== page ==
Bokashi starts as a mix of inoculant (a combination of microorganisms, water, and molasses that is mixed into wheat and bran) that can be purchased already prepared, and food scraps. It is placed in an air tight sealed container/bucket, and left to ferment for 2-3 weeks. The mixture produces a leachate (commonly called bokashi tea) containing organic acids, alcohols, and other metabolites. After fermenting, the bokashi mix is buried underground for two weeks, during which it further degrades and releases nutrients.

How can you improve soil quality?

If your soil is not hampered with unusual pH, or extreme nutrient deficiencies, your only job is to support the biological activity of the soil and supply any lacking plant nutrients.

Disturb the soil as little as possible. Try severely reducing digging, plowing, tilling, and compaction. Soil disturbance disrupts soil life, destroys soils structure, removes soil cover, and reduces soil organic matter.
Grow a diversity of plants. Biodiversity supports a more efficient soil ecosystem, and limits pests .
Keep living roots in the soil all year. This is easy with perennial plants, but annual crops take more planning, often necessitating winter-hardy cover crops. Live roots support beneficial soil organisms and produce exudates that strengthen soil aggregates, producing soils with a crumbly structure.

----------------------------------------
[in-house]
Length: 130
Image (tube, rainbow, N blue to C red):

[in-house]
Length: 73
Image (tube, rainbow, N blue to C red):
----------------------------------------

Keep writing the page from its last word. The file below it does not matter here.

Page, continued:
Keep the soil covered. If soils are covered completely with plants, mulch, or crop residues, they stay cooler, moister, more permeable, and discourage weeds.

How do you enrich poor soil?

Improving poor soil is best done by the microbes in the soil. The easy way to improving it is to feed them.

1. With organic fertilizer, apply several times a year.
2. Water deeply and infrequently to keep the soil moist.
3. Grow stuff to fill the soil with roots.
4. If there is nothing is growing, mulch the soil with as much mulch as you can. Protecting the soil from direct sunlight helps moderate the soil environment, making a better place for the soil microbes.

Why is growing your own food sustainable?

Organically growing your own food is sustainable and nourishes your soil by using safe and natural fertilizers and products. By organically growing your own veggie garden, you control what goes on the plants and into the soil.
The demands put on our land by commercial agriculture will be reduced.
The energy used to put food on your plate (25-30 per cent of all greenhouse gases produced are the result of agricultural production) will be reduced.
Our waterways will be healthier and cleaner through reducing the demand for irrigation and the chemical load from fertilizers and pesticides.
The soil will be kept healthier by minimizing biomass depletion. We need to reconsider what we eat and how it is produced.
Creating a produce garden is a great way to minimize your impact on the planet.